Guildhall Walk (next to James Watson) has pure, V bar (does amazingly weird shots and shooters), club 8, fuzzy duck, heaven sent (strip club...!), walkabout yates' and spoons. Then there's Liquid and Envy just up the road.

    There's also Babylon off of the Guildhall which is a 90's club as well as Fleet.

    In Gunwharf there is Highlight and TigerTiger.

    Basically everything is open until 2am!
    Would also like to point out that Babylon is FREAKIN' AWESOME if you like cheesy music and Fleet has a lot of live bands play there and amazing food... more of a bar than club!!!
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    I know this thread was from a while ago.. but I've put Portsmouth as one of my choices for 2012 entry and was wondering what the accommodation policies are like?

    Portsmouth would be my insurance, and I know Uni accommodation is not guarenteed if it is not your firm choice. But do some people who put it as their insurance still get accommodation in halls of residence? Or is it ONLY for people who put it as their firm choice? Because I'm not sure I'd wanna go there if I wasn't staying in halls!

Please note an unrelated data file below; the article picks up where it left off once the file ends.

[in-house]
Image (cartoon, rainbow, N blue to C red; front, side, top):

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    (Original post by hey-hey-hey)
    why the neg rep? i was simply asking a question!
    bloody hell why are you crying over neg rep lol? you even went to the lengths of quoting a post by yourself in which you moaned about being negged in your edit!

    (btw, i negged you because it's funny, you can neg me if you want )
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    (Original post by BLONDEGIRL101)